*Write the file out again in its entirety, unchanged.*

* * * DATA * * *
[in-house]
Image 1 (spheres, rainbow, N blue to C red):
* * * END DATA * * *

[in-house]
Image 1 (spheres, rainbow, N blue to C red):